About 106 years ago there appeared Frederic Jessel’s A Bibliography of Works in English on Playing Cards and Gaming (Longmans, London, 1905). Shortly after it was published, a review appeared in the New York Times praising it in extremely mild terms while at the same time finding, as the reviewer perceived, serious fault with it.
I view that as the “thanks” that Jessel received for producing a bibliography of which I am aware of no parallel for works on playing-cards before 1905. (The purpose of this post is not to analyze the review, but it is plain to me that the review was very far off-base.)
Unlike the review, Jessel’s bibliography has withstood the test of time, and it would be difficult for a bibliography to surpass it for the period covered. Indeed, any detailed study of the little playing-card-sized rule booklets of the late nineteenth century and early twentieth century must of necessity begin with Frederic Jessel’s great work.
Jessel was a dedicated collector of books on playing cards and card games. He was also a bibliographer who took exceeding pains to make his book as accurate as possible. Even a superficial examination of the book will prove that to an experienced collector, for Jessel’s bibliography bears the stamp of authority, and it is copiously annotated with information that only a devoted collector would think to include.
Trevor H. Hall, in his Old Conjuring Books, says, “[. . .] Jessel is clearly worth a respected place on the reference shelf of the student of old conjuring books.”
My point here is not that Jessel’s book is a good conjuring bibliography. My point is simply that it is a good bibliography for the topic it covered, and I think we can extrapolate from Hall’s comments that, indeed, it is such.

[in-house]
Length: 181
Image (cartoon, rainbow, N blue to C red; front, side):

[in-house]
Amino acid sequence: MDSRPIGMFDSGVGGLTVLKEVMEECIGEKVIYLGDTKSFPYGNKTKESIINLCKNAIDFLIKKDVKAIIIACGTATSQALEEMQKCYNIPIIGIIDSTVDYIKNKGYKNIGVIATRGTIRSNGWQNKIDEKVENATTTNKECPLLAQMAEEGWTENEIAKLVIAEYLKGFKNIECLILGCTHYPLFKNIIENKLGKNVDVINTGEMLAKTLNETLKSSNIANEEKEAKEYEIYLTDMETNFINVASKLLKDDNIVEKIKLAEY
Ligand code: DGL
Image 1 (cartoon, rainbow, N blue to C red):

Hall mentions that Jessel “[. . .] included thirty-five important (and mainly rare) conjuring items containing card tricks, described in more professional detail than in the earlier check-lists” compiled by certain others.
Edgar Heyl, in his Cues for Collectors, on the other hand, was not quite as sanguine about Jessel’s book. Of course, Heyl was looking at the book primarily as a conjuring bibliographer would. For him, the book had too-few conjuring books included. He also believed that, regarding conjuring books, Jessel added little to the information that was already available.
Anyone who is familiar with bibliographies will quickly recognize that Jessel’s book was the product of a great deal of knowledge and care. In the card-game rule-booklet sphere as a whole, Jessel is the only person–as far as I know–to look at the entire realm of such booklets from a bibliographical perspective. (He was not able to cover everything in that work, because of the fact that the booklets continued to appear after he concluded his preparation of his bibliography.)
Jessel was an apt person to prepare the bibliography, because he was an avid collector of works on playing cards, and he was able to base his bibliography in large part upon books in his own collection (which is now housed at the Bodleian Library). He also was a meticulous worker, and although his bibliography is not perfect, it exhibits a high level of accuracy. Also, one can discern from the book that Jessel was thoughtful and humane, and the book is nothing like a dry enumeration of book descriptions. So, there are many factors that go into making Jessel’s book a unique work of scholarship, and collectors are fortunate that Jessel took such an interest in the topic.